Over 90 percent of Americans want to grow old in their own homes reports an often-repeated AARP statistic, yet eight out of 10 will die in either a nursing home or hospital. You can age successfully at home but you are going to need help but help in the form of a live person might not be available. If you are lucky, you have family members that either live with you or live close by that can help in a pinch and if you can afford it, you can hire a caregiver to fill the role of missing or distant family but a few obstacles to that plan exist. The first is that the Baby Boomers chose to have smaller families (a few chose not to have any). According to a 2013 survey by AARP, there are about seven people aged 45-64 to care for each person 80 and older today. However, by 2030, when the Baby Boomers will be 65 or older there will be four people to provide that care and by 2050 when the last of the Baby Boomers will reach 85 years of age, there will only be three. Currently, unpaid family members and friends provide the bulk of care for the 80 percent or more of caregiving provided at home. That would seem to suggest that more of us would need to hire caregivers but caregiving continues to be a low paying, difficult job with poor benefits and the same problem with lack of numbers exist with paid staff as exists with unpaid staff.
One place to look for solutions for our aging problem is to look to the Japanese. Japan, which has the highest proportion of older adults in the world looks to rely far more on robots and other technology to make aging safe and affordable. Here is a list of home safety features, current technology and other innovative tools to help people who want to age at home do so safely.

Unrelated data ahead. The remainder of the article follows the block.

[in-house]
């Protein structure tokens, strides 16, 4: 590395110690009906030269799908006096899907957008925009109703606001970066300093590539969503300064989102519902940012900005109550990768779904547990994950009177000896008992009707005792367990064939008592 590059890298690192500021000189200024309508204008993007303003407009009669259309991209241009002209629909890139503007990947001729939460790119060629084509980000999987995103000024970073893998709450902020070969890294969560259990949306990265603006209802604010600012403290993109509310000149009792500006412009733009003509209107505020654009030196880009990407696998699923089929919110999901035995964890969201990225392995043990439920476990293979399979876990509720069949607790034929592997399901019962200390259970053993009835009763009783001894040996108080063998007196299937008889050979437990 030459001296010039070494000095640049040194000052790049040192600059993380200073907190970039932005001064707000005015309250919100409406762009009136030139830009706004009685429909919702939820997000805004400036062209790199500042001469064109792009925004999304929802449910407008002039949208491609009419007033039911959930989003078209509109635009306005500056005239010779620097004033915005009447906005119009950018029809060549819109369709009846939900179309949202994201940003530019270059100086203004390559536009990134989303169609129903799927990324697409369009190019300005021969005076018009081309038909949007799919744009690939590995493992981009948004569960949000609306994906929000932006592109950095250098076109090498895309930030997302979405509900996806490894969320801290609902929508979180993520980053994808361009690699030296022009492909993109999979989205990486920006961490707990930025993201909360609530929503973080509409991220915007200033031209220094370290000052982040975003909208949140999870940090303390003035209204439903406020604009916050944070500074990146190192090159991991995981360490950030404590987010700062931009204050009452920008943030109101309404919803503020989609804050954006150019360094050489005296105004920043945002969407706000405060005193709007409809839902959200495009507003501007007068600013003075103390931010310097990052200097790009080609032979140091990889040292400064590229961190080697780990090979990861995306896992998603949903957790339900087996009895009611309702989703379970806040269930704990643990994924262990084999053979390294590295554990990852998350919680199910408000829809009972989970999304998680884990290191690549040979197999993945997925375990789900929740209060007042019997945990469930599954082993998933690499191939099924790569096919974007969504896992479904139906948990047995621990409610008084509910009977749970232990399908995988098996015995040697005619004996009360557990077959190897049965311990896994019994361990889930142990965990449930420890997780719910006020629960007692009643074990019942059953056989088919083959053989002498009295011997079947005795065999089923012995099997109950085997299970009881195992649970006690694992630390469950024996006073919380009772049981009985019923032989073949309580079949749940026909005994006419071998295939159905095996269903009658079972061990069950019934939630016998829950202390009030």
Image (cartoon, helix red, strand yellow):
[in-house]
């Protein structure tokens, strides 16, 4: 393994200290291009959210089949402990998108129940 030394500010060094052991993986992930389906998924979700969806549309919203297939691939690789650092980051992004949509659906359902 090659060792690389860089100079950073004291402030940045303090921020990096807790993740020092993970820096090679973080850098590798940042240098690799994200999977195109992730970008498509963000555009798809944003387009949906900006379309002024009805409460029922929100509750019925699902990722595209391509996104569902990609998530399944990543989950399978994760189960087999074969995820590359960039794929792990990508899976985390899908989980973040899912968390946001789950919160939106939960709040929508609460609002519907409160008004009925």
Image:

The riskiest room in the home is the bathroom. According to the Centers for Disease Control and Prevention, about 235,000 people over the age 15 visit emergency rooms because of injuries suffered in the bathroom.
Grab Bars. When we think of grab bars, we’re often reminded of the industrial looking bars found in public restrooms and institutions. While you can still find those boring and frankly ugly tools for sale at your neighborhood DIY store, the trend is toward more functional and stylish accessories, what GreatGrabz calls fine jewelry, for the bathroom. Grab bars should be installed in the shower area and by the toilet.
Showers. When I first moved into my house, I was excited about my low threshold shower but I’ve since realized that the sliding doors still would prevent me from rolling a wheel chair or walker into my shower. A good shower by contrast should have a low threshold or non-existent threshold with a slope to drain. Another option is a wet room so that no shower door is required. I’ve seen these in some senior communities. The benefit to a wet room is that there are no obstacles to have to work around especially if the person taking the shower needs assistance from someone else.
Shower seat. Built in shower seats often come as part of a standard shower kit but if the placement isn’t right the shower head can’t reach the seat. A handheld showerhead can eliminate that as a problem and make it possible for people to either sit or stand to use the same shower. It also makes sense that the controls for the shower be accessible from whatever position an individual may be in while showering.